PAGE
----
|This site tries to reflect ambivalence (real or imaginary) about what Walt Disney World is today, how much of its past is worth remembering and whether anything I write serves a useful purpose in describing an increasingly small percentage of the resort’s lost or altered features. There’s no unified theory, and it makes nearly no difference to anyone either way, but most of what you see here is a product of these conclusions:
WYW will only ever appeal to a relatively narrow spectrum of Disney fans
That might include people who grew up with or worked at WDW during its first 15 years, people who didn’t get to do that but appreciate the subject and/or people who like dubious forums for topics that others treat more preciously.
I’m happy to learn of instances where people outside the above categories find the site to be worth their time, and certainly love the fan base that has been so loyal to WYW over the years, but none of this was done with a broad audience in mind.
I’m no historian
More irritating than a historian, yes, but a real historian’s WDW site would eventually have a Golf Resort page. This site won’t because the Golf Resort was an effort on Disney’s part to make something that particularly didn’t feel like it was made by Disney or sitting on Disney property. Something for people who’d rather golf than ride The Jungle Cruise, possessing all the intrigue of a cedar-shingled garden shed, without so much as a single Mary Blair mosaic of Scottish children losing a golf ball to deer. A missed opportunity like that finds no nostalgic refuge on this site. But seriously, WYW was never going to be comprehensive or balanced. Thankfully there are multiple online pioneers doing a great job of covering parts of WDW that WYW does not. – a better job than WYW could, for that matter.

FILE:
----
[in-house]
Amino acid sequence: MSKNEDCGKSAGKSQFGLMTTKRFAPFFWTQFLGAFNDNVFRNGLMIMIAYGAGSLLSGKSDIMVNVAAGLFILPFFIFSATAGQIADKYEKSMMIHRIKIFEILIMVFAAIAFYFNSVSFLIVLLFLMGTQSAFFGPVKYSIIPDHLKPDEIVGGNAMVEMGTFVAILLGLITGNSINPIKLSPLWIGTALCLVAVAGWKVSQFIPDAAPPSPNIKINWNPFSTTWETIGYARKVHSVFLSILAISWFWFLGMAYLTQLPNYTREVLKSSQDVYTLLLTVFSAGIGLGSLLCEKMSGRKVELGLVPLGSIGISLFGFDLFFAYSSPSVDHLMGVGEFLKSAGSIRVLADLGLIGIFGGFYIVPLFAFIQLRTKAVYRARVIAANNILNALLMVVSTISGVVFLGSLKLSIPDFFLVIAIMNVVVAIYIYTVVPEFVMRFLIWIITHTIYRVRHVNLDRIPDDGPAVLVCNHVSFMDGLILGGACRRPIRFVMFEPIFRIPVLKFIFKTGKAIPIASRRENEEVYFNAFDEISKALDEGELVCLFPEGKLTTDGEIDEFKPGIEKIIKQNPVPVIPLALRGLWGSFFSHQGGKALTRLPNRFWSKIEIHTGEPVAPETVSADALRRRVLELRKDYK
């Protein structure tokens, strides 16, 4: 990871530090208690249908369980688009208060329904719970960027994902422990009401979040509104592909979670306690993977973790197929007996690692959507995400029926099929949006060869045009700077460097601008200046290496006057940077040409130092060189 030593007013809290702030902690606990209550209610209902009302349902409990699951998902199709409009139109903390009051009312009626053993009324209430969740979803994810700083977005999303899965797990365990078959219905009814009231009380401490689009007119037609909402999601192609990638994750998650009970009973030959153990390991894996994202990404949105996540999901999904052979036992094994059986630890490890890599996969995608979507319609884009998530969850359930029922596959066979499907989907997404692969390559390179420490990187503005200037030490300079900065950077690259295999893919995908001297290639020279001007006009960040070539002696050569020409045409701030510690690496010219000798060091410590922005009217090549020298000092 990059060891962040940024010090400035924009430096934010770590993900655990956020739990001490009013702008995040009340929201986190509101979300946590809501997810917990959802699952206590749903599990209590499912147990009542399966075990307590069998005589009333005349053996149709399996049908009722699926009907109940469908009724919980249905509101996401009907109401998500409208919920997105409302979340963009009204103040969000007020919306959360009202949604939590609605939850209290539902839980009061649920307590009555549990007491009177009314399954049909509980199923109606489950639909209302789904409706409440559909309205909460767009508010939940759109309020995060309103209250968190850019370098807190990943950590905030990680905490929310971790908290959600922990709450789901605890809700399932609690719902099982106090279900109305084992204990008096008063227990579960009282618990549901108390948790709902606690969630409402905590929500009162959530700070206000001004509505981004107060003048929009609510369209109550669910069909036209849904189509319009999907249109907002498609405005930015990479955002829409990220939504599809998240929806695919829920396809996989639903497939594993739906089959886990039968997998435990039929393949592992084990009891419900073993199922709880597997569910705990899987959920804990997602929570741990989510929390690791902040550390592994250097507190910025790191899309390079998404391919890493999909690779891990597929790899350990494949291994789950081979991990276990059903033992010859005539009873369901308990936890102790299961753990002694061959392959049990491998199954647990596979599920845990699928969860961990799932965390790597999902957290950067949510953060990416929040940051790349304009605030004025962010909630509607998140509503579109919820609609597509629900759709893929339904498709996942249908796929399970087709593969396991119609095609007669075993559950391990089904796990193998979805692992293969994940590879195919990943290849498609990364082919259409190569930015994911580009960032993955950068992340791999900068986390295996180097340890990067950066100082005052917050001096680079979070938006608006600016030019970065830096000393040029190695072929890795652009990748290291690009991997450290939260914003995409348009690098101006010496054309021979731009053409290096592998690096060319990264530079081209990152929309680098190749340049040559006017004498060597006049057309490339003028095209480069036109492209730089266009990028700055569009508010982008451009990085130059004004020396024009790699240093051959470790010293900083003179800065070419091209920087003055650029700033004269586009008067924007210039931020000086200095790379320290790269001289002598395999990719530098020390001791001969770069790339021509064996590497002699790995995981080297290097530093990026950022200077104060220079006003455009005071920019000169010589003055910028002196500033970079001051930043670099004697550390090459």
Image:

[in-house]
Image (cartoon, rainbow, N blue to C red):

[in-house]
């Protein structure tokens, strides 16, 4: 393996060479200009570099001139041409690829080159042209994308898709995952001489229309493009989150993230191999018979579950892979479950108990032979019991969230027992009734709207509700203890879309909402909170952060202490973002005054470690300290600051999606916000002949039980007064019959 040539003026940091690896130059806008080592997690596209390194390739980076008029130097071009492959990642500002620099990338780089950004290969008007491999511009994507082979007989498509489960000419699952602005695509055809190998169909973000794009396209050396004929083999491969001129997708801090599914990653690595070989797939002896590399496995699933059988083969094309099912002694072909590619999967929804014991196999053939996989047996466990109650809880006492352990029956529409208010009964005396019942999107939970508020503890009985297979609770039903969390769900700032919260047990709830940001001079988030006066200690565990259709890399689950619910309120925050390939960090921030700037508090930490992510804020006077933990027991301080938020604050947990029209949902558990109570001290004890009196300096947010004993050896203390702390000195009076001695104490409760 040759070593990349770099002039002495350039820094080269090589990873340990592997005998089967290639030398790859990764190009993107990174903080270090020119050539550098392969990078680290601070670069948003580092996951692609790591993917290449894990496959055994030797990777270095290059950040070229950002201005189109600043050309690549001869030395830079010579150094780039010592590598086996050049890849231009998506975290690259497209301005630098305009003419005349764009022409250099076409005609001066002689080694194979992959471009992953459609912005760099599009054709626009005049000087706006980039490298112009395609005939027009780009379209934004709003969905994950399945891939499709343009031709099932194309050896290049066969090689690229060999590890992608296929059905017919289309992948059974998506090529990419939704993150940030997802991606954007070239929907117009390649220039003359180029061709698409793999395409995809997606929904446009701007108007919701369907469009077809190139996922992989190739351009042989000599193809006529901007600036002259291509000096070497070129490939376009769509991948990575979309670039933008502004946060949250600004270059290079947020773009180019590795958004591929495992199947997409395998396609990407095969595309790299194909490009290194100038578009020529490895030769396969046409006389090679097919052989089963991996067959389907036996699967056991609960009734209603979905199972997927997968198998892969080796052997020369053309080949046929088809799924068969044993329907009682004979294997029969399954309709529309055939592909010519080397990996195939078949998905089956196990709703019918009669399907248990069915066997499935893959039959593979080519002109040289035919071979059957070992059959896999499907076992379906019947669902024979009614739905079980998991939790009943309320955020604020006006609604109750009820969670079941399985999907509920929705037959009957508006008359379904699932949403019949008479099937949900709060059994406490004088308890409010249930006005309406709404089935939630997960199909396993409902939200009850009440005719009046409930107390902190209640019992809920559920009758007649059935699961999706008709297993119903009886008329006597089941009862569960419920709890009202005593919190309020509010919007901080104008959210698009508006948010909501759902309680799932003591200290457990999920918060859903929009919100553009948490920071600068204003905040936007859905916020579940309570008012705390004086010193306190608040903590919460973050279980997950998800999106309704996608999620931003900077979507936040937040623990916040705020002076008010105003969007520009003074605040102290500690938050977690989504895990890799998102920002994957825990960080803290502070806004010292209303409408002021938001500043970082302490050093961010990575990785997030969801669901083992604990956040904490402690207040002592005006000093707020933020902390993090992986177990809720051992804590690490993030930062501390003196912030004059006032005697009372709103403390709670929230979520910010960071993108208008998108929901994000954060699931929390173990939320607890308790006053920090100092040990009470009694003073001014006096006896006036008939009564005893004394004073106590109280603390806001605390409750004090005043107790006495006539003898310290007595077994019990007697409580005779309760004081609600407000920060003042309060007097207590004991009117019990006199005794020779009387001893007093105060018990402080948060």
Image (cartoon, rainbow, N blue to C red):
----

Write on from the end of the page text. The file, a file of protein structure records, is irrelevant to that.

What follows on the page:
The WDW of my youth (and probably yours) is gone forever
Even if the company rebuilt Mr. Toad’s Wild Ride inch for inch, it wouldn’t sit opposite 20,000 Leagues Under The Sea or down the path from Snow White’s Scary Adventures. It was the combination of all those things that made early WDW so amazing to me as a child, not a few magnificent pieces. The increasingly scarce original features that remain are valuable (to the extent which latter-day project teams can resist the apparently tremendous impulse to mess with them) and sit on kind-of-sacred ground, but WDW is run by an organization that seems perpetually torn between maintaining its vastness to discernible quality standards, growing its profit margins, valuing its dynamic past and creating new experiences that are often strikingly dissimilar in tone from those that once defined the place.
The WDW of today is a ponderous combination of the old, the new, the good, the bad and the incomprehensible
While some decent things have been added since the 1980s, that was the starting point for the routine disappearance of cool older features, the “fixing” of things that weren’t broken and renovations that discounted aesthetic foundations laid by WDW’s original designers. By the turn of the last century, the challenges WDW faced in maintaining itself were daunting. Pearly white shorelines became weed gardens, animated figures were removed or left inoperable and disinterested cast members became less an exception if not quite a rule. As if all that wasn’t enough, the average guest also got way nastier over time*. This puts the modern-day WDW at odds with its majestically clean and thematically integrated former self of 1971-1986.